Posted in Business, Criminal Justice, Gas Prices, Highways, Insurance, Transportation | No Comments »

Voters in the Dark

August 26th, 2008 by flanews

Voting across the state went mostly without incident Tuesday. Three polling sites opened late because of power outages. Others had electrical problems after polls opened. As Whitney Ray tells us, flooding from Tropical Storm Fay kept some people from getting to the polls and others had to vote in the dark once they got there.

Hear it Here: Voters in the Dark

These voters are in the dark, literally. A tree weakened by Tropical Storm Fay fell on an electrical line, knocking out power at the polling site. But voting continued with emergency battery power.

“They accommodated those of us who don’t see very well,” said Tallahassee resident Dot Carroll.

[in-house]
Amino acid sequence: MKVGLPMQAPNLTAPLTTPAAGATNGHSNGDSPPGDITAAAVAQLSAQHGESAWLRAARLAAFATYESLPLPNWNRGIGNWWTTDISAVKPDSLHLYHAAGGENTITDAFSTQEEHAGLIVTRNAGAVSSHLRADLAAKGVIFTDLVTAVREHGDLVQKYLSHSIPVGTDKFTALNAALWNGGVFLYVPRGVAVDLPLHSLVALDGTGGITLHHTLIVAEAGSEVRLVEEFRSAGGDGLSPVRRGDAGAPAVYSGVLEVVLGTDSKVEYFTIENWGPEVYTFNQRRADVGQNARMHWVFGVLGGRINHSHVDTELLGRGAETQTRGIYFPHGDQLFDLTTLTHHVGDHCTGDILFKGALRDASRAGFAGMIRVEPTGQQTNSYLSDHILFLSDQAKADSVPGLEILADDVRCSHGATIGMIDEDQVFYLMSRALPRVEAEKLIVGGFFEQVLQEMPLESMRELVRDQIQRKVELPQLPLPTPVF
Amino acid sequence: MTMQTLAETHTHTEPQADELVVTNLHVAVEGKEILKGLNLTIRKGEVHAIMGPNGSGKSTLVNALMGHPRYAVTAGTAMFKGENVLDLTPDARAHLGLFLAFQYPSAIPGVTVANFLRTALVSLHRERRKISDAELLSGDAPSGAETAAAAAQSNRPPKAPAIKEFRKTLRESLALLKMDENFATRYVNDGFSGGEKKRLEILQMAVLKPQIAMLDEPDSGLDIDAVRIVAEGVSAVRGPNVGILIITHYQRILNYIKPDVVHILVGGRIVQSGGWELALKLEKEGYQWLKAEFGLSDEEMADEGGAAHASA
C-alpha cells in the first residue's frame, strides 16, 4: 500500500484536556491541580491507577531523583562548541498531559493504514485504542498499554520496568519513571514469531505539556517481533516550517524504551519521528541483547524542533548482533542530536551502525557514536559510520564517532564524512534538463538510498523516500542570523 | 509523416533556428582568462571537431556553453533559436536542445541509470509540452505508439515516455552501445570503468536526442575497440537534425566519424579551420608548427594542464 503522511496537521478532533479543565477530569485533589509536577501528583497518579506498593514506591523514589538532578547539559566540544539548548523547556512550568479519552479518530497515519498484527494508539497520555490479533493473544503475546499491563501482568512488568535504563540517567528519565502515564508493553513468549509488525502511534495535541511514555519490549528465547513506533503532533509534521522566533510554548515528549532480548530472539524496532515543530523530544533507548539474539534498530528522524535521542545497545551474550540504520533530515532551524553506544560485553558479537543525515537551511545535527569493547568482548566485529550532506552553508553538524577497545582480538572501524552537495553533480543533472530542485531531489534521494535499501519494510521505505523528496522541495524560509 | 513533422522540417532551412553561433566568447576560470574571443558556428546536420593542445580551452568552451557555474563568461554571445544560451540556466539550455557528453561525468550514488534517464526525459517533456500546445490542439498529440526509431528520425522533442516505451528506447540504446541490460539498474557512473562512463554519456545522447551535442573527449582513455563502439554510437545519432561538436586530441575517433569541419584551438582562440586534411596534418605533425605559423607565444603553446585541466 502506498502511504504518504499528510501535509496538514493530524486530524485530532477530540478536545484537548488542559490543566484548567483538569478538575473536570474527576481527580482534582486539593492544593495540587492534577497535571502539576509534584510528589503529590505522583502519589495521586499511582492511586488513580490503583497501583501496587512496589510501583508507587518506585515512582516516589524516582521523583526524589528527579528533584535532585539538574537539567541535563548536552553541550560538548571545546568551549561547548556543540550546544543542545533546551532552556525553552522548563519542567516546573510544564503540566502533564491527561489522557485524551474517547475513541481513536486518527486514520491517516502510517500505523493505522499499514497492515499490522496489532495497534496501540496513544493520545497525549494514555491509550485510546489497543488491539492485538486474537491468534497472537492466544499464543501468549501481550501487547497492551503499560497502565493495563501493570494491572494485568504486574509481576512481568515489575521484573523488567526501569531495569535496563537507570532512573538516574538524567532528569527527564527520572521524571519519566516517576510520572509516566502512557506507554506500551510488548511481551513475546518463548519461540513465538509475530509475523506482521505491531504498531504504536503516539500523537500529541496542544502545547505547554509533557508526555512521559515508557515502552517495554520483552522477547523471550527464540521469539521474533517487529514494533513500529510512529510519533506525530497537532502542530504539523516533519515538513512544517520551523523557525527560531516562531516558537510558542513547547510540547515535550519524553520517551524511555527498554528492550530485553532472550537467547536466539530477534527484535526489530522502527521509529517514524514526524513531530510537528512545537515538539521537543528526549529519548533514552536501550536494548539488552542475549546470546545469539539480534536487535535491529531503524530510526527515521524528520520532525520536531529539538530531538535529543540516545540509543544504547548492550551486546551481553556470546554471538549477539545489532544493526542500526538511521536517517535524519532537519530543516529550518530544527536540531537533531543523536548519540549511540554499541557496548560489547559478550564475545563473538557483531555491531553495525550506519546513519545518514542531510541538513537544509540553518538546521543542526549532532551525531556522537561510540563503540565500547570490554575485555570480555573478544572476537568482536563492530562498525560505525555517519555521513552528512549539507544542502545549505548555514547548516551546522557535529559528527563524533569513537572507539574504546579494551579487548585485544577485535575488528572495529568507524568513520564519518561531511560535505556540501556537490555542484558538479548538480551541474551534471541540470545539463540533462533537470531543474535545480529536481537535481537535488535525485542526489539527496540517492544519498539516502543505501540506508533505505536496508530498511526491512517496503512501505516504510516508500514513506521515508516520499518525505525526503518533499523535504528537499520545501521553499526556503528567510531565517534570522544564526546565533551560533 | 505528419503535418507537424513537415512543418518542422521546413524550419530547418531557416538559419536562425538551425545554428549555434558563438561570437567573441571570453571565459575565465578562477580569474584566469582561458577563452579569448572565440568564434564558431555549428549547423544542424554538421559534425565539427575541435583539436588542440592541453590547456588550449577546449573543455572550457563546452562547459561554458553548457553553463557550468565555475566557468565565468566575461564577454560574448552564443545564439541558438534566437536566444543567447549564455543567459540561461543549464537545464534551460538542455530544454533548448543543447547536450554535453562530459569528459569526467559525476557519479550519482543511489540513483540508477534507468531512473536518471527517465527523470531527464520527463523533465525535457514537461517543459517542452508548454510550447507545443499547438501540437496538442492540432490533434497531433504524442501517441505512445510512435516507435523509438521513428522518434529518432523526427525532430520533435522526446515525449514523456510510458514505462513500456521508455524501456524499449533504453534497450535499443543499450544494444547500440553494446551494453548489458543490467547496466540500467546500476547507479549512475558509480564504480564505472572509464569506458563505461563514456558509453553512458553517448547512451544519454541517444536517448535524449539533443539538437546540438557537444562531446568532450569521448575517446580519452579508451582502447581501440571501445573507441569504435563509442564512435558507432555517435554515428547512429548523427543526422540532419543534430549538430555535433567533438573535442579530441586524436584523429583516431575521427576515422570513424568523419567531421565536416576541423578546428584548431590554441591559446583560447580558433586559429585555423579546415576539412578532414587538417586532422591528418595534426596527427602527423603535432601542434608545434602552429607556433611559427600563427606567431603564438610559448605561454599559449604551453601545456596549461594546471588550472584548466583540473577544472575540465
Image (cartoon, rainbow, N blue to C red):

Ninety two year old Nathaniel Lofton didn’t let a pesky power outage keep him from the polls. Fay damage didn’t stop him either.

“I just get out and vote. I’ve been doing it ever since I’ve been big enough,” said Lofton.

Still, some who wanted to vote couldn’t leave their homes. Flooding in a Tallahassee neighborhood kept people from getting to the polls, but if they called their elections office and requested an absentee ballot they were still able to vote.

Tuesday’s Primary was the furthest thing from Ronnie Mackey’s mind when Fay swept over his neighborhood, dumping buckets of rain and flooding the area.

“We’ve pretty much been trapped,” said Mackey.

Ronnie plans to get his neighbor’s boat or hike through the woods, whatever it takes, he says, to have his vote counted. Election officials in some counties delivered absentee ballots to people who lived in hardest hit areas and requested a ballot before noon.

Posted in Elections, Hurricane Season, State News, Voting | No Comments »

Uncountable Paper Trail

August 26th, 2008 by flanews